Soldiers and their families stationed at Fort Hood, TX should be concerned over recent finding of an investigation into the Criminal Investigation Command (CID) detachment at the base that has shown serious problems surrounding the Army’s management of CID units and personnel.
The fact-finding investigation looked at resourcing, policies and procedures of the 6th Military Police Group CID. The investigation came after an independent committee’s stunning findings regarding the negative command climate and culture at Hood.
The committee found that “serious crime problems on Fort Hood have gone unaddressed,” according to Chris Swecker, chairman of the review committee and retired assistant director for the FBI, due in large part because “the Fort Hood CID detachment had various inefficiencies that adversely impacted the accomplishments of its mission.”
The Main Problem
A significant problem plaguing Fort Hood is that the Army essentially uses the post as a “training ground” for CID agents directly following entry-level training.
“That would be like staffing the New York field office of the FBI with new agents right out of Quantico,” Swecker said at a recent congressional hearing. “This is one of the busiest military installations in the country, maybe around the globe, and yet there were very few experienced agents.”
According to a recent Army Times interview of four anonymous CID agents, the Army has been dealing with inexperienced and overworked investigators at large posts for years.
Many of the problems stem from CID units being led by career military police officers (MPs) with completely different career backgrounds. Although both fields center around law enforcement, MPs typically have significantly different priorities and try to run CID detachments like regular Army units.
The Results of the Lack of CID Influence
With limited CID influence on command decisions, investigations suffer. Many junior agents are forced to simply follow checklists and move to the next assignment. The focus isn’t necessarily on thorough investigations, but on covering your bases. “Common sense kind of gets thrown out because people are so worried about making sure they don’t get in trouble for missing a step or deviating” according to one agent.
The article also stated, “Even if preliminary investigation yields evidence revealing no crime has been committed, and an Army judge advocate agrees, full investigations are regularly ordered to curb any scrutiny from IG inspectors later on.” This statement is chilling when you consider that the majority of poor investigations center around drug use and sexual misconduct.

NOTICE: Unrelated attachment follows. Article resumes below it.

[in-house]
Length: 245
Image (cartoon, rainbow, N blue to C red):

Overworked and inexperienced investigators forced to follow “the script” and “work the checklist” investigating every alleged infraction on the post poses the real potential for good soldiers to face false accusations and charges.
Even if these investigations don’t result in referral to Court-martial, they could easily be referred back to a soldier’s parent command for non-judicial punishment (NJP) where the burden of proof is significantly lower than a court.
In short, bad investigations added to the shortage of quality legal representation by the overworked Judge Advocate General’s Corp (JAG) attorneys assigned to Fort Hood, make it extremely important for anyone accused of misconduct to seek the counsel of a civilian attorney who specializes in military defense.
The repercussions of a court martial or NJP can have a devastating impact on your career and your family. A loss or reduction in income, the loss of base housing privileges, and other military benefits can greatly affect the stability of a family. With so much at stake, it’s critical to hire an attorney that gives you the best shot at a positive outcome.
Contact A Fort Hood Attorney Today
If you or a soldier in your family is being investigated at Fort Hood, you absolutely need the experience and skill of a civilian military defense attorney to give you the best chance at saving your freedom, benefits, and hard-earned pay. Bilecki Law Group, PLLC has extensive trial experience in military court-martial defense and we are ready to fight for you and protect your career. For a consultation regarding a court martial, adverse administrative action or military law matter, please contact us.
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